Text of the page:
Archives for August 2nd, 2013
Related Photo Galleries
Tesla Buoyant After 2012 Model S Launch…
How Far Will A Tesla Model S Go? One Owner Did…
Buying A 2012 Tesla Model S: Pros & Cons Of…
See more photos »
There’s no denying that electric cars have lots of torque from standstill, meaning they can out-accelerate most cars in the stop-light derby to 30 mph.
But what happens beyond that? Could a car like the 2012 Tesla [NASDAQ:TSLA] Model S Performance beat the sporty, race-bred 2013 BMW M5 in a 0-100 mph drag race, for example?
Automobile Magazine’s Ezra Dyer decided to find out, with a straight-line drag race.
On paper, the 2013 BMW M5 looks to be the clear winner: it is almost 300 lighter than the 2013 Tesla Model S, and produces both more power and more torque than the all-electric luxury sedan.
In reality, the instant 443 pound-feet of torque at 0 rpm gave the Tesla Model S Performance a clear advantage off the line, smoothly accelerating away while its gas-guzzling competitor scrabbled for traction.
By the middle of the 0-100 mph dash, there was a clear car length or more between the quietly humming Tesla and the snarling M5.
As the end of the race approached however, the M5’s 4.4 liter, twin-turbocharged, V-8 started to close the the gap, crossing the finish line a few feet from the Tesla’s rear bumper.
From the video, it’s clear to see that the M5 didn’t get the cleanest of starts, possibly due to its notoriously difficult-to-engage launch control.
2013 BMW M5
And had it continued beyond 100 mph, the M5 would have continued to close the gap, with its 155mph electronically limited top speed easily beating the Tesla Model S’s electronically limited 130 mph.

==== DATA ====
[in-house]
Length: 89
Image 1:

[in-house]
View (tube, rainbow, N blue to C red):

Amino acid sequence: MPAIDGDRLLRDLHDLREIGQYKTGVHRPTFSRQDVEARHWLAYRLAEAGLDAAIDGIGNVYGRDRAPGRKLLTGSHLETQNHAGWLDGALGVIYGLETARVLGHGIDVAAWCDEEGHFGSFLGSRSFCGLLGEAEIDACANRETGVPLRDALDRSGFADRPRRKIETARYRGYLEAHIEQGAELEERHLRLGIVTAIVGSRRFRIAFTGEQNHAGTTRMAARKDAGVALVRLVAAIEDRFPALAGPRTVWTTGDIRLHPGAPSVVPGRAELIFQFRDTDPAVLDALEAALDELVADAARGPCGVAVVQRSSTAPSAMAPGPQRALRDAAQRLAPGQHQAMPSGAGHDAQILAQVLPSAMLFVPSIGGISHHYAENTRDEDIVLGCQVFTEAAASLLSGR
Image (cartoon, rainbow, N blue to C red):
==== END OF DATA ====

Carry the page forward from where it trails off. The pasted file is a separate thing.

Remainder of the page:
In everyday–or legal–driving, however, the Tesla Model S wins hands down.
With both cars costing roughly the same, which would you choose, and why?
Leave your thoughts in the Comments below.
Tesla has opened up about the Model S four-door’s recently announced price bumps: for all reservations placed after the end of 2012, Tesla Model S prices will increase by $2500. Before federal tax credits, that means the 40 kW-hr model will now cost $59,900, add $10,000 for the 60 kW-hr model and $20,000 for the 85 kW-hr model, while the 85 kW-hr Performance model will carry an MSRP of $94,900.
All Tesla Model S cars with the revised pricing will add as standard equipment 12-way power seats and heated front seats. At a constant 55 mph, Tesla estimates the ranges of the three different motor choices at 160, 230, 300 miles. Claimed acceleration from 0-60 mph times take from 4.4 to 6.5 seconds, though we tested a Performance model completing the sprint in 3.9 seconds.
Tesla notes that the $2500 price increase is half the rate of inflation, and with plenty of press — it was the Motor Trend 2013 Car of the Year, after all — luxury customers may still be willing to pay the premium. Speaking of premiums, Tesla is also offering a four-year/50,000-mile extended warranty above the car’s standard four-year/50,000-mile basic warranty.
The automaker has also revealed pricing for battery replacements. Taking the mystery out of the one maintenance detail that scares many about electric cars, Tesla says that $8000 will buy 40 kW-hr Model S customers a new battery to be installed at any time after the eighth year of ownership. The cost rises to $10,000 for the 60 kW-hr battery and $12,000 for the 85 kW-hr battery.